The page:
The labour movement was more independent from the State and from the parties that ended up being reformist. In Brazil and Chile, trade unions would not favour pro-market reform, but they were forbidden in Chile when the reform began and relatively weak in Brazil (Castelar Pinheiro et al). Labour movements in Brazil retained some degree of organizational strength, mobilization capacity and political influence, and were therefore able to fight off some of the reforms that were aimed at expanding labour market flexibility. They fought hard against the loss of core organizational resources as well as legal provisions regarding union structure and collective bargaining.
In Chile, economic labour reforms occurred mostly under the dictatorship, along with labour code changes, the prospect for expanding labour rights under the democratic transition were limited. The issue of labour reform lies at the core of this disjuncture as it straddles major fault lines innate to the Chilean neoliberal project. On the one hand, cheap and flexible labour with few rights to collective action has formed a central axis of Chile’s economic model since Pinochet’s ruthless undermining of organised labour in the mid-1970s. This oppression was given a tangible legal form in the 1980 labour code that denied even the most basic of rights to the working population. Labour movements in Chile was pressured to moderate its demands during transition. Furthermore, labour ties to parties in power under the concertacion further constrained the movements ability to assert demands for reforms in the first-round democratic government.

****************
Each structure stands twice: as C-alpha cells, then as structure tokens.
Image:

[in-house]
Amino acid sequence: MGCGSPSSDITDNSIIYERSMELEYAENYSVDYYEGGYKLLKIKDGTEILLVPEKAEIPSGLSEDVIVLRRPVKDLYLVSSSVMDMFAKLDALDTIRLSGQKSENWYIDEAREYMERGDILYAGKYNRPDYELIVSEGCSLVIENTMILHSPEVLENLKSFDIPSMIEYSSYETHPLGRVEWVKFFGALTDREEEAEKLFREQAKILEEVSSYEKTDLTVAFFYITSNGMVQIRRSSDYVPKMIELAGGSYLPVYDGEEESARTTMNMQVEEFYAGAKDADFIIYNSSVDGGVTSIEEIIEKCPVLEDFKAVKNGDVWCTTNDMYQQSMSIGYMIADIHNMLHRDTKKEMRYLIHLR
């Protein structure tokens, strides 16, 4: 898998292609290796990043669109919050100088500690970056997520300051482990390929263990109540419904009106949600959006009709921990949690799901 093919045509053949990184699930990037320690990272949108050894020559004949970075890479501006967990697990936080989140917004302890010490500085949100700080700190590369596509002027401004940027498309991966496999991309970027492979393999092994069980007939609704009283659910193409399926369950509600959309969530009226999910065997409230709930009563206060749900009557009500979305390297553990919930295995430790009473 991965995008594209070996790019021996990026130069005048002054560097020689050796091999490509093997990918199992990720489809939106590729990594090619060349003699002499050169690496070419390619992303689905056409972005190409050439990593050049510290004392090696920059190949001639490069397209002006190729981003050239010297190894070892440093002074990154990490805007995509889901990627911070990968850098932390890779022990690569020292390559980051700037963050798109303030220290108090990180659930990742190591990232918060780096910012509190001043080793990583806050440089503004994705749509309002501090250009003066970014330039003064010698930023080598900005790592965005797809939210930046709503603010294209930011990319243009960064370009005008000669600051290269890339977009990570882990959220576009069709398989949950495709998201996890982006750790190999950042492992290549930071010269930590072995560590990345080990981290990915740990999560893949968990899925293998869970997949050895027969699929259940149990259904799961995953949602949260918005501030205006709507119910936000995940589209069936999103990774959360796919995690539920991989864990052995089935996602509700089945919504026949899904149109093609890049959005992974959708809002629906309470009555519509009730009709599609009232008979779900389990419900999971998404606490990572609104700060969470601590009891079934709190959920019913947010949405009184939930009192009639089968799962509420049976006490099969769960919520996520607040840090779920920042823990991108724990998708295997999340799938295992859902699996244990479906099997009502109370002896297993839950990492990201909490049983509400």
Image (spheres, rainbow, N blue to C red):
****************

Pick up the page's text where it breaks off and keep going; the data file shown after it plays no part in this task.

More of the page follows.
In summary, in Brazil political stability is a contextual premium, a potential threat to that stability came from the labour movement. By contrast, in Chile, the prime concern was economic stability. Unfortunately, labour mobilization was constrained by political compromises and organizational factors. The economic elites were the ones to be appeased. Capitalist interests, institutionally represented by the Confederación de Producción y Commercio (CPC), have strongly opposed any substantive changes to the labour code. They argue that, by impinging on labour market flexibility, reforms to the labour code would undermine the foundations of domestic accumulation to the detriment of all Chileans
Inclusiveness of the Political Process behind the Reforms